Rosdolog flushed red while the Steward spoke to the guards at the Gate between the Sixth and Seventh Circles. He kept silent for a while, then tried a few more topics as they traversed the parapet: the Steward's sons; his own family, his wife and two small girls, all three away on a farm in western Anorien; the anticipated arrival of their allies from Rohan. None seemed of interest as a topic of casual conversation to Lord Denethor. Finally, the message sunk into the lieutenant's anxious, somewhat thick skull: his duty was to stand by, to follow, and protect—but not to speak to--the Steward.
As the Lord Denethor arrived at the Houses of Healing, Rosdolog walked in silence behind him as he made a full tour of every ward, each private room, and down every hallway. Master Túrin accompanied Denethor for much of his prolonged visit, standing by and explaining the circumstances of a soldier's wound, for example, or another man's feverishness. When his duties called the Master away, Mistress Ivreniril stood at the Steward's side. The Lord of the City would listen with grave interest to the Healers and then turn his eyes to the injured. The task took the Steward five long and painful hours—but every person he met received his entire attention, his steady gaze, and the warmth of his hand clasped upon their shoulder or laid upon their brow.
Rosdolog fretted as he heard the distant tones of the late bell; midnight would soon be upon them, and the Steward showed no signs of moving toward the Second Gate. The lieutenant frowned, seemed to consider interrupting his Lord during a particularly poignant conversation with a soldier who had served with Captain Faramir in Ithilien, then thought better of it. Silently, Rosdolog crept from the room and found an assistant healer.
"My good man, if you could spare a scrap of parchment, a pen, and direct me to someone who can carry an urgent message for the Steward, I would be more than grateful…"
His errand complete, Rosdolog returned to the inner hallways of the Houses and stood once again at silent attention while the Steward continued his visits. Midnight was well past when they entered a small ward where three men who suffered from the Black Breath were housed together. All were sleeping on the Steward's arrival, but one man opened his eyes, recognized his Lord and sat up, a feeble smile on his face.
Turin spoke. "Ah, Irinon, I see you are awake. The Lord Steward has come for a brief visit." He went on to explain that Irinon, a soldier who had been stationed at Osgiliath, was the first patient who had been given Mistress Ivreniril's treatment for combating the Black Breath.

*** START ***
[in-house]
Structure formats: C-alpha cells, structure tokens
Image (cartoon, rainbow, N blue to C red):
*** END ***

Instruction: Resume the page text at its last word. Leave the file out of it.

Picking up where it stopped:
"She has made a tea of several herbs, steeped together. The ameliorative effects have, at times, been rather remarkable…"
Denethor spoke to the young man for a minute before his eyes began drooping again. They stood and left the room, pausing in the hallway.
"Alas," Turin said, sighing sadly. "Her potion helps slow the process, especially in lighter cases, but does not reverse it entirely. Those afflicted severely, or those with other injuries that sap their physical strength, succumb all too quickly." The healer brightened as his chief assistant appeared beside him. "Yet Mistress Ivreniril has found the most success of any treatment we have yet discovered, and she continues to refine her mixture…"
She bowed her head. "Yes, that is true… I am currently trying differing proportions of the herbs that seem most beneficial. Yet, it seems to me that some other element or skill is missing, something that we have not yet defined… We truly do not understand the nature of this sickness, after all…"
The Steward directed his intense gaze at the young woman. "Mistress, must your tea be drunk while hot, or does it have benefit even if cooled?"
Ivreniril smiled shyly. "The concoction seems to have an effect whether warm or cool. I believe I see where your thoughts go, my Lord… Am I correct in guessing that you would have doses sent to those on the front lines, who are even now exposed to the dark sources of this illness?"
"An excellent idea, Lady," he replied. "But I will admit to a more selfish thought: I would have two flasks of your tea prepared, to be sent to my sons—both of whom have been burdened greatly by the Black Breath." He glanced at Turin. "I suspect that neither Boromir or Faramir have paid you a visit…"